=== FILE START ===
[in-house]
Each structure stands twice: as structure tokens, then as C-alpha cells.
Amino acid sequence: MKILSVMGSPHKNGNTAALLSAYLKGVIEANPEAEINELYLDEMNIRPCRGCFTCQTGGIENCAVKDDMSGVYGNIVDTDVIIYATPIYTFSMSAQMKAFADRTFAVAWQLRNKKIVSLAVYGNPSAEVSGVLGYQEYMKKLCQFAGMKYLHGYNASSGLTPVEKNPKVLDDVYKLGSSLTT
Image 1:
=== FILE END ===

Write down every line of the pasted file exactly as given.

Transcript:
[in-house]
Each structure stands twice: as structure tokens, then as C-alpha cells.
Amino acid sequence: MKILSVMGSPHKNGNTAALLSAYLKGVIEANPEAEINELYLDEMNIRPCRGCFTCQTGGIENCAVKDDMSGVYGNIVDTDVIIYATPIYTFSMSAQMKAFADRTFAVAWQLRNKKIVSLAVYGNPSAEVSGVLGYQEYMKKLCQFAGMKYLHGYNASSGLTPVEKNPKVLDDVYKLGSSLTT
Image 1: